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Martinsville, Virginia 24115
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Letter: Rodricucuz Vaughn
Building loss bemoaned
Friday, January 25, 2013
In reading the story, “Phoenix drops construction plan on Fayette Street; neighborhood concerns” (Thursday Martinsville Bulletin), I was truly amazed. In the condition that Martinsville and Henry County remain in, I was both shocked and angry at the same time.
Residents and property owners would truly be concerned about development uptown. Have you looked at uptown lately? It is a ghost town. I think that this would have been a very positive thing, and I applaud NCI (New College Institute) for having an interest in building in uptown. The development of the Phoenix building would have added to NCI and uptown. This is what you need; you need to draw people back into the city district, not run them out.
What message does this send to perspective businesses? Martinsville cannot afford to turn businesses away. Have you looked around lately? What was a vibrant place is no longer. I just think that Martinsville and Henry County have suffered enough due to lack of strong, willing leadership that is willing to turn things around for the better and take risks. What happened to leaders of this area such as William Letcher Pannill, who stopped at nothing to make Martinsville a place of industry and commence? Change is always good, and that is a concept that has hurt Martinsville and Henry County the most. Some people want things to stay the same, not for the good, it appears, but for the worst.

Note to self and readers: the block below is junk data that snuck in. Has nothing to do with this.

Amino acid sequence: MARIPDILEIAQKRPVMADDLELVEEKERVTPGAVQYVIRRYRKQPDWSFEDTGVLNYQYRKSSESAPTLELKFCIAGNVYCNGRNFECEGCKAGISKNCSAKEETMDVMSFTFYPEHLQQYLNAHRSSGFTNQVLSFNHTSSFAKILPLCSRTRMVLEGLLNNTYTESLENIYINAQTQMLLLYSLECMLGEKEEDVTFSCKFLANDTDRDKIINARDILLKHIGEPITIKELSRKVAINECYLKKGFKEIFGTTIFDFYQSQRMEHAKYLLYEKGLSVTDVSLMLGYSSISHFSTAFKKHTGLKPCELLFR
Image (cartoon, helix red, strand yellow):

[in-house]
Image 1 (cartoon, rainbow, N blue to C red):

“Naomi Hodge-Muse, president of the Martinsville-Henry County NAACP, said she thinks the building is not needed right now and funds for its construction could be better spent on workforce training efforts” (Martinsville Bulletin, Nov. 15). While I have always respected the work of Hodge-Muse, I would have to disagree with her on this. If you build it, people will come. Do not turn away any growth as long as it is done properly.
While I agree workforce training is needed for the area, Martinsville’s workforce is no longer what it was in the 1990s. The population has decreased drastically, but it is because of no change. Most young people have moved or continue to move away. Shame on the leaders of Martinsville and Henry County. When will the leaders of Martinsville and Henry County wake up? That is the question every citizen of this area should ask.
Again, drive around town. Take your blinders off, and you will see a city and county that are hurting like a wounded soldier in the war trenches. He cannot get out of the trench to get help and other soldiers just keep passing him by to get on the other side of the battlefield.
Charlottesville, formerly of Martinsville